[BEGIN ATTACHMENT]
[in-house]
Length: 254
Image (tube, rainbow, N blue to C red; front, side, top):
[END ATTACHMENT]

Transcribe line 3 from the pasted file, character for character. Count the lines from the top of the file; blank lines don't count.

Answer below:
Image (tube, rainbow, N blue to C red; front, side, top):